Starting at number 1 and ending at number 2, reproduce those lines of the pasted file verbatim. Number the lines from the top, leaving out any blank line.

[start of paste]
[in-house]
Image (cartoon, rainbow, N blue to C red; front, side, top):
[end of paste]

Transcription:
[in-house]
Image (cartoon, rainbow, N blue to C red; front, side, top):